from quartz. More advancement made possible the fitings of even more
components on a small chip or a semi conductor. Also in third generation
computers, the operating systems allowed the machines to run many different
applications. These applications were monitored and coordinated by the
Fourth Generation Computers: Fourth Generation computers are the modern
day computers. The Size started to go down with the improvement in the
integerated circuits. Very Large Scale(VLSI) and Ultra Large scale(ULSI)
ensured that millions of components could be fit into a small chip. It reduced the
size and price of the computers at the same time increasing power, efficiency and
Fifth Generation Computers: The Fifth Generation Computer Systems
project (FGCS) was an initiative by Japan's Ministry of International Trade and
Industry, begun in 1982, to create a "fifth generation computer" (see history of
computing hardware) which was supposed to perform much calculation utilizing
massive parallelism. It was to be the end result of a massive government/industry
research project in Japan during the 1980s. It aimed to create an "epoch-making
computer" with supercomputer-like performance and usable artificial intelligence
POST: Power-on self-test (POST) is the common term for a computer's, router's
or printer's pre-boot sequence. The same basic sequence is present on all
computer architectures. It is the first step of the more general process called initial
program load (IPL), booting, or bootstrapping.
BIOS: BIOS (basic input/output system) is the program a personal computer's
microprocessor uses to get the computer system started after you turn it on. It also
manages data flow between the computer's operating system and attached devices
such as the hard disk, video adapter, keyboard, mouse, and printer.
BOOTSTRAP Program: This appendix describes the Bootstrap Program, also
known as the ROM Monitor. The Bootstrap Program can help you isolate or rule
out hardware problems encountered when installing your router. A summary of
the bootstrap diagnostic tests and command options is provided.
Super Computer: A supercomputer is a computer that leads the world in terms
of processing capacity, particularly speed of calculation, at the time of its
introduction. The term "Super Computing" was first used by New York World
newspaper in 1920 to refer to large custom-built tabulators IBM made for
Mainframe Computer: Mainframes (often colloquially referred to as Big Iron)
are computers used mainly by large organizations for critical applications,
typically bulk data processing such as census, industry/consumer statistics, ERP,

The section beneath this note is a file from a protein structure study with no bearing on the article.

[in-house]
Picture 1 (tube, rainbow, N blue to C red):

and financial transaction processing.
Workstation: A workstation, such as a Unix workstation, RISC workstation or
engineering workstation, is a high-end desktop or deskside microcomputer
designed for technical applications. Workstations are intended primarily to be
used by one person at a time, although they can usually also be accessed remotely
by other users when necessary.
Workstations usually offer higher performance than is normally seen on a
personal computer, especially with respect to graphics, processing power,
memory capacity and multitasking ability.
Hardware: There are several differences between computer hardware
and software. However, the fundamental difference between hardware
and software is that hardware is a physical device something that you're
able to touch and see. For example, the computer monitor you're
viewing this text on or the mouse you're using to navigate is considered
Software: Software is code and instructions that tell a computer and/or
hardware how to operate. This code can be viewed and executed using a
computer or other hardware device. However, without any hardware
software would not exist. An examples of software is Microsoft Windows,
an operating system that allows you to control your computer and other
programs that run on it. Another example of software is the Internet
browser you're using to view this page.
Neumann Architecture of a Computer:The von Neumann architecture is a
computer design model that uses a single storage structure to hold both
instructions and data. The term describes such a computer, which implements a
Universal Turing machine, and the common "referential model" of specifying
sequential architectures, in contrast with parallel architectures.The separation of
storage from the processing unit is implicit in the von Neumann architecture. The
term "stored-program computer" is generally used to mean a computer of this
Program Counter: The program counter (also called the instruction pointer,
part of the instruction sequencer in some computers) is a register in a computer
processor which indicates where the computer is in its instruction sequence.
Depending on the details of the particular machine, it holds either the address of
the instruction being executed, or the address of the next instruction to be
executed. The program counter is automatically incremented for each instruction